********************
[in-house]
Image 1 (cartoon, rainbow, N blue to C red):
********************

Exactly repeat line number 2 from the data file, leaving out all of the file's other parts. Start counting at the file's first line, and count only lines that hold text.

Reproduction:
Image 1 (cartoon, rainbow, N blue to C red):